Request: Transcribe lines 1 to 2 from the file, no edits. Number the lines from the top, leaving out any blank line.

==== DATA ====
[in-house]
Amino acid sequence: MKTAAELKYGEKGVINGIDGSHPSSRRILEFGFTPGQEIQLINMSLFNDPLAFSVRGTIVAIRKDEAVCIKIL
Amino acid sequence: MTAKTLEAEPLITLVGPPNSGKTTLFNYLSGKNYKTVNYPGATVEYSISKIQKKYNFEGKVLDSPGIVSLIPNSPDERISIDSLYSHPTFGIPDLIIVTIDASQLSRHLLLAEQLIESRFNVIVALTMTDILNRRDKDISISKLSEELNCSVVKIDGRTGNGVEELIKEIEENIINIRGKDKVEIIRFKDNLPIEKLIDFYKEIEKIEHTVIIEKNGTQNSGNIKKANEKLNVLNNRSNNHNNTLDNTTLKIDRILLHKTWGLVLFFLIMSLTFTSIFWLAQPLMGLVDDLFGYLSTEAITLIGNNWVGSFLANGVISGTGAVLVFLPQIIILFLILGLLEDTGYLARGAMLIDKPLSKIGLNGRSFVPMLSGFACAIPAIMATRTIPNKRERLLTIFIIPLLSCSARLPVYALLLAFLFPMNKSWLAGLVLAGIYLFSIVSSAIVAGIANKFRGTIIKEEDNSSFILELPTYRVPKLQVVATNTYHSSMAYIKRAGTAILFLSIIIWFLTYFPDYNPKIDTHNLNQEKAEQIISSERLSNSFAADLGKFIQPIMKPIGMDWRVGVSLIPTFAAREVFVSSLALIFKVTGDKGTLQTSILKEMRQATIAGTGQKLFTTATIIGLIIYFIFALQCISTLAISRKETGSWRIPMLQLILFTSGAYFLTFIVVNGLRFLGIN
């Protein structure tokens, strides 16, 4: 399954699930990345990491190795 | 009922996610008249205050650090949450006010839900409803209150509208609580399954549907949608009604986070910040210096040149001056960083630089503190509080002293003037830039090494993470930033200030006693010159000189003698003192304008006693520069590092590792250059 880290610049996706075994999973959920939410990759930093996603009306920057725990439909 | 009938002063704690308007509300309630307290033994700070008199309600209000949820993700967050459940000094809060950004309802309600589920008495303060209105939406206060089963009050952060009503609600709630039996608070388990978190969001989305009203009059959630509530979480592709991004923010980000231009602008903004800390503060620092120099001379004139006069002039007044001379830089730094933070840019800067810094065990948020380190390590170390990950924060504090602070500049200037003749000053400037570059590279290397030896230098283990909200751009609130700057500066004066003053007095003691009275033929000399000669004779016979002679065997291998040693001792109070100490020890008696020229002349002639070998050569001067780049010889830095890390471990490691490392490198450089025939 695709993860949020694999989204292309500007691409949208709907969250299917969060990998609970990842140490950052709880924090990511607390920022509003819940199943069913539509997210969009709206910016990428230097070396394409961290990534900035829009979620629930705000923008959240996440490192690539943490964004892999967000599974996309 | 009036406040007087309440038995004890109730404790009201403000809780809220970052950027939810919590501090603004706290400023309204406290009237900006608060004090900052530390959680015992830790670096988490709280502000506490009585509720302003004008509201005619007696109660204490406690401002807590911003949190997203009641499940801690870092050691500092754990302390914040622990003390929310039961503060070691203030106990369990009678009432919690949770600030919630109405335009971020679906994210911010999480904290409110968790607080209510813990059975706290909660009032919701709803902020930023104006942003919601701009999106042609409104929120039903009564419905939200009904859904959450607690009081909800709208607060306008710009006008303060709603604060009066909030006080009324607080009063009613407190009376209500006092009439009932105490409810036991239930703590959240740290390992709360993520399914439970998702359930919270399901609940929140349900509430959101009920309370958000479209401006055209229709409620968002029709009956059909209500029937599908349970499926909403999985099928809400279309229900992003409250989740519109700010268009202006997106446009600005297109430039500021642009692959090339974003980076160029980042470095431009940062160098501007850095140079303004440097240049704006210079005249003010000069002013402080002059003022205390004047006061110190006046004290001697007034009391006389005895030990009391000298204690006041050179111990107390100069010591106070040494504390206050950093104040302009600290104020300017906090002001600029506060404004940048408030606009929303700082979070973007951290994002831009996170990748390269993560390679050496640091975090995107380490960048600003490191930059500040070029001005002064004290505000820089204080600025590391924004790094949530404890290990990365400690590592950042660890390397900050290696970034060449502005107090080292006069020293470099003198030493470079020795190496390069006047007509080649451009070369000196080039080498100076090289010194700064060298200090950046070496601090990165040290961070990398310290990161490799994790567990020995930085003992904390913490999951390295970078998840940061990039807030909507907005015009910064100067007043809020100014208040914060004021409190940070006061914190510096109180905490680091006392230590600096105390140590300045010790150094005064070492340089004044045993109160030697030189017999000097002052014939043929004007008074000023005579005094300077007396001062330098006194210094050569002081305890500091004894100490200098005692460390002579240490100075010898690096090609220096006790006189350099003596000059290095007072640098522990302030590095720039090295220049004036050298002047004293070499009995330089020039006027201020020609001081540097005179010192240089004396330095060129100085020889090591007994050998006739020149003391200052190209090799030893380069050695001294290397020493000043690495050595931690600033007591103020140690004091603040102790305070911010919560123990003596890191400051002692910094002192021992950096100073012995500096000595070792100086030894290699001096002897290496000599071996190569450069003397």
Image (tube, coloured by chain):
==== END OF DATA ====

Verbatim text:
[in-house]
Amino acid sequence: MKTAAELKYGEKGVINGIDGSHPSSRRILEFGFTPGQEIQLINMSLFNDPLAFSVRGTIVAIRKDEAVCIKIL